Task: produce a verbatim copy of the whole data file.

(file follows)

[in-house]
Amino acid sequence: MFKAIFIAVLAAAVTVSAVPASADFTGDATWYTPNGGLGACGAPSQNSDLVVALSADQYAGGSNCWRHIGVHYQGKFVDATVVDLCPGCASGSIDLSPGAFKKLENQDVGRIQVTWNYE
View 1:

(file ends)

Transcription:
[in-house]
Amino acid sequence: MFKAIFIAVLAAAVTVSAVPASADFTGDATWYTPNGGLGACGAPSQNSDLVVALSADQYAGGSNCWRHIGVHYQGKFVDATVVDLCPGCASGSIDLSPGAFKKLENQDVGRIQVTWNYE
View 1: